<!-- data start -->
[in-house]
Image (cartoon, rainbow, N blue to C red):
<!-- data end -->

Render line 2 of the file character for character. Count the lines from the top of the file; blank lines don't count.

Image (cartoon, rainbow, N blue to C red):